Legislature(1997 - 1998)
03/20/1997 08:05 AM STA
* first hearing in first committee of referral
= bill was previously heard/scheduled
= bill was previously heard/scheduled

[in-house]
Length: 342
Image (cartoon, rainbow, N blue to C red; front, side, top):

HB 84 - PULL-TABS LIMITED TO 501(C)(3) OR (19) The next order of business to come before the House State Affairs Standing Committee was HB 84, "An Act limiting the authority to conduct pull-tab charitable gaming to qualified organizations that are exempt from taxation under 26 U.S.C. 501(c)(3) or (19); and providing for an effective date." CHAIR JAMES called on Representative Terry Martin, sponsor of HB 84, to present the bill. Number 0405 REPRESENTATIVE TERRY MARTIN, Alaska State Legislature, distributed to the committee members a handout titled, "A Great Time to Brag." People were concerned that the bill would stop their source of money from the pull-tabs. He told them it would depend on what they told the committee and what they had been doing with the money. If the money did not go towards charitable purposes, then there would be a problem. It was also a time for the charitable groups and the citizens to brag about their programs and how they had been helping true charitable purposes. Had they been giving their money to Beans Cafe, or to scholarships, for example? Had they been helping youth athletic programs? Were organizations giving out more scholarships now that they had a permit? It was a great time to see what was happening with the millions and millions of dollars gained from pull-tabs. From the state's perspective, 8 percent of the total of $270 million was not very much when illegal gamblers paid 10 to 15 percent for protection. He believed some of the money went to the Alaska Charitable Gaming Association, Inc. to protect what they were doing. Some used the money to fight regulations in the courts instead of coming to the legislature asking for adjustments. He reiterated it was a great opportunity to scrutinize what was happening in the pull-tab world. Number 0669 REPRESENTATIVE MARTIN further stated that HB 84 was strictly related to pull-tabs. It had nothing to do with the organizations that had a permit for auctions or bingos, for example. Number 0699 REPRESENTATIVE IVAN asked Representative Martin if HB 84 would prohibit municipalities from selling pull-tabs? Number 0730 REPRESENTATIVE MARTIN replied it would be very interesting to find out what the municipalities were doing. CHAIR JAMES asked Representative Martin to answer the question of Representative Ivan. REPRESENTATIVE MARTIN replied he did not know if the bill would prohibit municipalities. If they were not using the money for charitable purposes then they should be questioned. CHAIR JAMES asked Representative Martin if the bill prohibited them? REPRESENTATIVE MARTIN replied, "As I see it now it does, yes." It was up to the committee if municipalities should be put back in as charitable organizations. If they were using the money just for more revenue instead of taxation, then they should be questioned. Number 0774 REPRESENTATIVE IVAN asked Representative Martin if the unincorporated communities would also be impacted by HB 84? Would they be prevented from participating for example? Number 0826 REPRESENTATIVE MARTIN replied, from my point of view, they should be if the money was not going for charitable purposes. If the money was going to the local administration then it was not very charitable. That was what taxes and other avenues of money were for, even in unincorporated communities. Number 0851 CHAIR JAMES asked Representative Martin to explain the identified codes in the bill and which ones would be excluded. REPRESENTATIVE MARTIN deferred the question to Mr. Poshard, Director, Charitable Gaming Division, Department of Revenue. Number 0895 REPRESENTATIVE IVAN asked Representative Martin if he had documentation that accounted for the amount of dollars from pull- tab sales being placed into campaigns? Number 0925 REPRESENTATIVE MARTIN replied he was going to save that information for his other bill - HB 156. At such time, he would bring the backup information that would give a person an idea of how much money was going into the political process - directly and indirectly. "It is absolutely amazing how much money. They make the oil companies look like little pimps." Number 0955 CHAIR JAMES asked Representative Martin if campaign finance reform last year eliminated political contributions from pull-tab activities? Number 0963 REPRESENTATIVE MARTIN replied, "We attempted to." But the words and phrases did not accomplish what we wanted to. The backup information would show the loopholes. The biggest loophole, he declared, was the prevention of corporations and unions from contributing. The legislation did not prevent non-profit organizations, however. Number 1004 CHAIR JAMES replied that campaign finance reform made it specifically clear that only individuals could make political contributions. Number 1017 REPRESENTATIVE MARTIN replied there were big loopholes that needed to be closed. Number 1032 REPRESENTATIVE BERKOWITZ asked Representative Martin if he was seeking to exclude certain non-profits from qualifying? Number 1044 REPRESENTATIVE MARTIN replied the challenge of HB 84 was to find out which groups were not fulfilling the idea of charitable purposes from the sale of pull-tabs. They had not been challenged in 10 years. "Just because they are our friends and neighbors and everything else, doesn't mean the monies they earn from pull-tabs go to charitable purposes." Number 1083 REPRESENTATIVE BERKOWITZ asked Representative Martin if he had a list of the organizations that he was seeking to exclude? CHAIR JAMES stated the Administration was going to come forward to answer that question. Number 1096 REPRESENTATIVE IVAN commented that the legislature was trying to downsize government. Therefore, he believed that this bill would have a detrimental impact on some of the communities that he represented. He asked Representative Martin what was his opinion? Number 1136 REPRESENTATIVE MARTIN replied it could go either way. It depended on what the committee discovered. Part of the reason that pull- tabs came about was to help the charitable needs of a community. In addition, of the $270 million, less than 8 percent went to actual charities. And from that charity alone maybe one-half of the 8 percent went to an actual charitable purpose. Other states mandated that 30 percent off of the top went to charity. Number 1210 CHAIR JAMES asked Representative Martin if HB 84 did that? Number 1226 REPRESENTATIVE MARTIN replied HB 84 scrutinized what the groups were doing. CHAIR JAMES asked Representative Martin if HB 84 had anything to do with the percentages? REPRESENTATIVE MARTIN replied, "No." His second bill addressed the percentages. CHAIR JAMES stated that the committee members should focus on HB 84. REPRESENTATIVE MARTIN replied HB 84 focused on what groups should be allowed and which groups should not be allowed. Number 1250 DENNIS POSHARD, Director, Charitable Gaming Division, Department of Revenue, explained that the division and the department had not taken a position of either for or against the bill. "We feel that the legislature has every right to decide who does and who does not deserve to receive a permit to conduct charitable gaming activities." It had been difficult to come up with an accurate fiscal note because no state agency maintained a list of 501(c)(3)'s, 501(c)(19)'s or any other 501(c) type of organization. The Income, Excise and Audit Division and the Corporation Division maintained a list of 501(c)'s, but with no further designation. As a result, the division contacted the Internal Revenue Service (IRS) that provided a list of all of the designations. The division received it last week, therefore, he did not have the time to redo the fiscal note. The division was currently comparing the list of 501(c)(3)'s and 501(c)(19)'s from the IRS with the division's list of pull-tab permitees. The division intended to create three lists: organizations that currently had pull-tab permits that would no longer be eligible; organizations that currently had pull- tab permits that would remain eligible; and organizations that did not have a pull-tab permit but would be eligible. The lists would - hopefully - be available tomorrow, March 21, 1997. MR. POSHARD further explained that the fiscal notes contained several assumptions: that all 1995 charitable, educational and religious organization that were issued permits were considered 501(c)(3)'s; and that the veteran organizations that were issued permits were 501(c)(19)'s. He discovered there were some that were designated as 501(c)(4). The division also assumed that all other 1995 organizations - IRA Native villages, volunteer fire departments, fraternal organizations, fishing derby associations, dog mushing associations, municipalities, labor organizations, non- profit trade associations, and civic or service organizations - were not designated as 501(c)(3)'s. The division, therefore, calculated that approximately 362 charities that currently had pull-tab permits would no longer be authorized to sell pull-tabs. And the total estimated loss would be about $12 million, slightly reducing the division's budget. It did not mean that the division would have 362 less reports or applications to process because many of those organizations conducted raffles as well, for example. The division, however, would see a slight reduction in its program receipts because it received a 3 percent pull-tab tax of the ideal net of every pull-tab game, and a 1 percent fee of the $12 million in proceeds. Number 1561 CHAIR JAMES stated that the fiscal note also said that the division would lose two full-time positions. MR. POSHARD replied, "Correct." CHAIR JAMES asked Mr. Poshard if the $117,000 marked on the fiscal note was the two positions? MR. POSHARD replied, "Correct." CHAIR JAMES asked Mr. Poshard if the reduction in lost revenues was expected to be $1,155,300? MR. POSHARD replied, "Correct." CHAIR JAMES replied then actually the division would only spend $117,000 less. MR. POSHARD replied, "Correct." CHAIR JAMES replied there was a bigger gap in the division's income versus its expenses. Number 1597 REPRESENTATIVE DYSON asked Mr. Poshard if the 362 groups would not be able to operate pull-tabs now because they did not qualify under the federal non-profit regulations? Number 1621 MR. POSHARD replied, "Correct." The number was an estimation based on the assumptions mentioned earlier. The current estimation was that 362 organizations would not qualify because they did not have 501(c)(3) or 501(c)(19) status with the IRS. Number 1652 REPRESENTATIVE DYSON asked Mr. Poshard if many of them would qualify if they applied? MR. POSHARD replied some would be able to qualify just by applying with the IRS, and some would not because they were not incorporated. He explained incorporation was not a requirement, currently. However, some had already received a designation, such as 501(c)(4). They would have difficulty applying with the IRS to receive a different designation because the designations were very specific. Number 1730 REPRESENTATIVE DYSON wondered if that was because their activity fell outside of the framework of the charitable non-profits. Number 1750 MR. POSHARD replied, "Correct." According to the IRS code, a 501(c)(3) was typically a, "religious, educational, charitable, scientific, literary, testing for public safety, to foster national or international amateur sports competition, or prevention of cruelty to children or animals organization." A 501(c)(19) was designated as, "post or organization of past or present members of the armed forces." Therefore, if they were not an organization that fell under those categories, they could potentially be designated in a different (c) status. Number 1786 REPRESENTATIVE DYSON asked Mr. Poshard if there would be 70 or a 100 or so of the 362 that would not qualify with their current stated purpose? Number 1798 MR. POSHARD replied it was difficult to estimate, but a majority would probably not be able to qualify. The list was being run now. Number 1819 REPRESENTATIVE MARK HODGINS asked Mr. Poshard if he had a description of the 501 designations? Number 1837 MR. POSHARD replied that he had two lists - the IRS codes and a layman's term list. Number 1850 REPRESENTATIVE HODGINS asked Mr. Poshard for a list of the 501 groupings that currently had pull-tab licenses, if possible. CHAIR JAMES explained that the division was working on the list now. She asked Mr. Poshard how soon would the list be ready? MR. POSHARD replied - hopefully - tomorrow. Number 1877 REPRESENTATIVE BERKOWITZ asked Mr. Poshard if the list included the organizations that would be affected by HB 84? MR. POSHARD replied, "Yes." The division was working on three lists: current 501(c)(3) and (19) designations that did not have pull-tab permits; 501(c)(3) and (19) designations that did have pull-tab permits; and organizations that had pull-tab permits and did not have a 501(c)(3) or (19) designation. Number 1918 REPRESENTATIVE ELTON stated that part of the problem with the bill was the suggestion that the money collected was not going where it ought to go. He asked Mr. Poshard if it was possible to see information from his office on these organizations? Number 1960 MR. POSHARD replied the division had an annual report that summarized that information. In addition, all of its records were considered public information. Each permittee was required to file a schedule E that required a list of every check that it wrote to show how it used its proceeds. Number 2002 REPRESENTATIVE ELTON asked Mr. Poshard if he went to his office and asked to see the file of the Auke Bay Volunteer Fire Department, for example, it would be available? MR. POSHARD replied, "Correct." He could look at the file to see how it spent its money, how it made its money, and/or its expenses. Number 2023 CHAIR JAMES stated that this was convoluted because of the description of the statements made by the sponsor indicating that he had another bill related to this. The question of wanting to know the contents of their file was irrelevant. House Bill HB 84 said that if an organization was not entitled to be tax-exempt from the IRS then it was not entitled to a pull-tab permit. Thus, those who would qualify and who would give money to the right places had nothing to do with the bill. Part of the requirement was that no political activities were allowed in a 501(c)(3) designation. It was also her understanding that it did not have to do with whether or not an organization was putting its money in the right places or handling its money correctly, as-much-as, it was a philosophical opinion. Therefore, anything that the committee would do to the bill would totally change the philosophical bent of the bill. "So, I think all of this other information is superfluous to the issue before us." It was not clear in HB 84 that the intent was to scrutinize how the money was being spent. Number 2140 REPRESENTATIVE ELTON replied he agreed with the interpretation of Chair James. However, before he could make a decision on the bill he wanted to know the impact on the organizations that would be excluded and on the charities that they supported. Number 2150 CHAIR JAMES replied the list that the committee members were going to get from the Charitable Gaming Division would allow him to do that. Number 2160 MR. POSHARD stated that the division could add the amount of net proceeds that each of the charitable organizations received from their pull-tab activity. It would take a little bit more time to prepare the list, however. CHAIR JAMES replied that was a good idea. She reiterated that those issues were irrelevant to the intent of the bill; however, to narrow those organizations that qualified for pull-tabs as a money making entity. Number 2208 REPRESENTATIVE HODGINS asked Mr. Poshard if it would be possible to provide how many of the pull-tab organizations used operators? Number 2223 MR. POSHARD replied it was another designation that could be added to the report. It would not be a significant amount; however, not as much as one-half. Number 2246 GERALD J. DORSHER, Legislative Officer, Veterans of Foreign Wars, was the first person to testify in Juneau. Some good points were raised today in regards to where the committee was going with the bill. The veterans of foreign wars had for some reason been designated as a 501(c)(4) when it should be a 501(c)(19). The department was pursuing the issue at this time through its mother organization. The department hoped that Representative Martin would include a 501(c)(4) during the interim of its designation as a 501(c)(19). Number 2318 CHAIR JAMES asked Mr. Dorsher if there were any other advantages for the veterans to be a 501(c)(19) as opposed to a (4), besides a pull-tab permit? Number 2331 MR. DORSHER replied, "No." The IRS designated past and present military organizations as a 501(c)(19). Number 2340 REPRESENTATIVE AL VEZEY announced that he had the definitions of the 501(c) designations. A 501(c)(19) was a special classification for veteran organizations entitling them to a tax-exempt status. The 501(c)(3) category was not just a public-welfare organization, but a tax-deductible organization. Many public welfare organizations did not try to get a tax deductible status - 501(c)(4) and 501(c)(8) - for example. Therefore, we should consider more than just the 501(c)(3) and 501(c)(19) designations. There were valid reasons to be a (c)(4) rather than a (c)(19); it expanded what could be done without jeopardizing the tax-exempt status. Number 2408 CHAIR JAMES stated that she did not want to do anything to distress the veterans. They were the most valued citizens. Number 2420 GEORGE WRIGHT, Representative, Alaska Native Brotherhood (ANB) Camp Number 2, was the next person to testify in Juneau. The ANB Camp Number 2 opposed the bill because it eliminated a lot of the gambling for villages that use it for a fund raiser. "It would completely knock the Brotherhood out." It had applied for a 501(c)(3) and (c)(8) status which had not been attained yet. The Alaska Native Brotherhood Grand Camp was a (c)(8) which covered all of the ANB camps. The bill, however, did not include (c)(8). "It's a bad bill." It simply chopped off everything else that was irrelevant, such as: how it spent its money and how it earned its money. He was part of a task force to rewrite the gaming rules and regulations and for some reason neither body had reviewed the recommendations; for example, to finance the department with extra man power so that it could go after the people.... TAPE 97-29, SIDE B Number 0001 MR. WRIGHT further said that the ANB followed the guidelines of a fraternal organization on the one hand and the guidelines of a 501(c)(3) on the other. The board members were having a hard time trying to get its certificate with the IRS. Under a 501(c)(3) designation the organization could not donate money to its members. "Well everybody in the village is somehow related and that kind of chopped them off at the knees." How do you break it up if you're all related and you started this organization and you want to give money to your son. This is a very bad bill." The ANB did like the tax-exempt portion of the bill, however. Mr. Elton established the city sales tax in Juneau to raise revenues from pull-tabs. Currently, the city taxed the gross dollar amount of sales. If a ticket sold for $1, the city would put a 4 cents sales tax on every ticket in the box. The city did not give any consideration to the price pay-outs or the play-backs. The city taxed the whole amount which was 39 percent of the ANB's profits. The ANB paid 51 percent to the city of Juneau because of its tax structure after covering the cost of business. "They refuse to recognize that the charity only controls the money that they take to the bank. They don't control the money that they pay out in prizes. That money is held in trust until somebody wins it, but they tax it." He suggested if a bill was going to be written to examine the tax structure, it would force a lot of people out of business in Juneau then Mr. Martin would not have to worry about HB 84. Number 0099 REPRESENTATIVE VEZEY asked Mr. Wright if the ANB was organized under 501(c)? MR. Wright replied the grand camp was organized under 501(c)(8). The ANB Camp Number 2 was a subordinate just like the Moose Lodges. REPRESENTATIVE VEZEY asked Mr. Wright if he would object to the bill if it incorporated 501(c)(8)? MR. WRIGHT replied he would object because some of the villages could not be that way. For example, the spring carnival in some villages were the biggest event of the year, of which, pull-tabs were used to raise money for prizes to draw the people back to the villages for the carnival. If they wanted to grandfather the bill then there would not be a problem. If they wanted to eliminate those that were not operating to the color of the law then let's take the matter to the Charitable Gaming Division and give it more investigators. "Two investigators to do 1,600 permits in the state of Alaska is quite skimpy." He suggested that the committee members look at the task force rewrites and the recommendations. Number 0169 REPRESENTATIVE HODGINS asked Mr. Wright to give him information about the Native groups and how many used operators and where were they located. Number 0184 REPRESENTATIVE ELTON commented that Mr. Wright and he had a history. The city of Juneau did apply a sales tax to pull-tabs in the same way that it applied a sales tax to a loaf of bread. The sales tax was not applied to the profit; it was applied to the sale price. Number 0200 CHAIR JAMES asked Representative Elton if she paid $1 for a pull- tab, did she have to pay $1.04? REPRESENTATIVE ELTON replied in Juneau she would have to pay $1.05. CHAIR JAMES replied she did not think that was the way it worked. REPRESENTATIVE ELTON explained the assembly recognized that $1.05 could inhibit the sale of a pull-tab rather than $1. Therefore, the assembly gave the operators an option to charge $1.05, lower the pay-out of the game by 5 cents, or absorb the cost. He could not think of anybody in town charging $1.05 now. Number 0247 MR. WRIGHT replied, "No." Playing pull-tabs was a sporadic thing. The ANB did not have a problem paying the tax on the $1 spent. It had a problem with paying the tax on the ticket that was won because generally the individual exchanged the winning amount of the ticket for more tickets. Thus, no money was exchanged; but, the city took 5 cents for each one of the tickets. REPRESENTATIVE ELTON replied the city appreciated it. MR. WRIGHT explained the Ketchikan court ruled that pull-tabs were intangible objects. It was not a retail product, nor like anything else that was sold in a store. It was an object sold with a liability - the price pay-out. Number 0304 CHAIR JAMES stated this was an interesting conversation. She did not buy pull-tabs but her husband did. It was called "fun raising" not "fund raising" at the Elks on Friday nights. She knew that he was paying only $1 for a ticket which meant that the 5 cents was coming out of the sale. It was not a tax on the person, therefore. In this case the seller paid the tax because $1.05 would be very inconvenient for the buyer. Number 0376 CHAIR JAMES announced, for the record, that Mr. Minor W. Thomas III from the Loyal Order of Moose in Juneau, was opposed to HB 84. He urged it to be defeated and asked that his letter be part of the record. "I am sorry that I cannot be there in person to testify on this bill, however please accept my gratitude for allowing me t submit written testimony. "We here at the Juneau Moose and the other lodges around the state are vehemently opposed to H.B. 84. First, why is Representative Martin excluding Sec. 501 C-8 organizations from this bill? That would include all of the Moose lodges in the state and I don't know how many other organization. "Moose lodges are organized under 501(C8) as non-profit fraternal organizations with no political ties and none allowed. We are organized under a strict members only policy and any monies made by Moose lodges must come from its members and not the general public. This includes any pull tab monies we make. It must be remembered that we support many charities with our pull tab monies as evidenced with the information packs given to Representative Elton and Hudson. Along with the information for Juneau, you could look at the Craig lodge who sent thousands of dollars back into the community. In fact, they are the major contributor to the Ambulance Corp. The Petersburg lodge donated over $100,000 back to the community last year. In Anchorage along last year $123,000 was given to charity. "With figures like these it is hard to fathom how anyone could deny 501(C8) organizations the right or privilege to sell pull tabs to its members. "If we cannot sell pull tabs who is going to fund and support the many charities. "Again, we urge that H.B. 84 be defeated. "Thank you for your time and consideration." Number 0401 REPRESENTATIVE MARTIN distributed to the committee members the report on what was happening to charitable dollars and how the money got into the political process - directly and indirectly. Number 0440 CHAIR JAMES asked Representative Martin if he would do this again after the 1998 campaign to see what the changes would be because of campaign finance reform? Number 0449 REPRESENTATIVE MARTIN replied it depended on if he was reelected. The report showed each individual candidate and how much money came in from groups that had a pull-tab permit. It also showed how much went to the political parties and then to the candidates illustrating the loopholes in the system. He cited the Home Builders Association raised a lot of money. He did not see how it was a charitable organization, however. Number 0519 CHAIR JAMES replied it was a public policy decision to determine if the organizations met the ordinary understanding of charitable issues. House Bill 84 would change it so that only recognized charitable activities would be able to be funded from pull-tabs. Number 0566 REPRESENTATIVE MARTIN replied this was just the beginning. It was not to be exclusive of anything. There was confusion with the IRS in regards to what organization was a charity. CHAIR JAMES replied she disagreed with the fact that the IRS was confused. "They tell us who is and who isn't. They aren't confused about that at all." REPRESENTATIVE MARTIN replied the IRS was confused in regards to what Alaska called a charity. CHAIR JAMES replied the IRS did not care if the state was confused because they were not confused. REPRESENTATIVE MARTIN reiterated it was confusing to the IRS in regards to what the state called charity. CHAIR JAMES replied that was none of its business. The IRS was a taxing authority and it could tax the way it wanted to and it was none of its business what the state did. REPRESENTATIVE MARTIN replied this was charity and not tax. "If you're saying in the name of charity that we're letting these people have all of these millions of dollars then we can stick our heads in the sand. We don't care if we're going to touch motherhood and apple pie." Number 0634 REPRESENTATIVE ELTON stated he understood what Representative Martin was trying to accomplish. He wondered, however, if it could be accomplished by drafting legislation that said the proceeds could only be used in a manner that would be contemplated under 501(c)(3) or 501(c)(19). Therefore, it would not limit those who could do it, but it would limit how the proceeds could be used. Number 0662 REPRESENTATIVE MARTIN replied he could have done a thousand different things. "I do take the challenge of bringing it open and they're talking about motherhood and apple pie." No one expected 1,600 people to get a pull-tab permit when almost any three or four individuals could call themselves a non-profit organization and they did not qualify for the intent of the legislation. Number 0683 REPRESENTATIVE ELTON replied this was like hunting sparrows with a shotgun. If there were legitimate purposes by the VFW, for example, that was a (c)(4) designation, the bill would get rid of it no matter how it used the proceeds. The better way to approach this would be to say what the proceeds could be used for rather than saying who could sell pull-tabs. Number 0712 REPRESENTATIVE MARTIN replied the challenge for the committee was to look and to say that Representative Martin was a complete idiot. The legislature should see what was happening with the money. "If you don't want to then vote VFW and motherhood." The Chiropractor Association was not a charitable organization, he declared. Number 0736 REPRESENTATIVE ELTON asked Representative Martin if the money went to charities then what was the difference? REPRESENTATIVE MARTIN replied the Chiropractor Association put a lot of money into the political process and it put a lot of money into its own organization; and, yes, it did contribute $250 to a little league. But, when it gained $50,000 and only gave out $250, that was not charity. CHAIR JAMES announced that the bill would be held in the committee. Number 0766 REPRESENTATIVE ELTON introduced his shadow for the day, Joel Cladouhos from Juneau Douglas High School. His unfortunate duty was to follow him around today so he was trying to make it pleasant for him.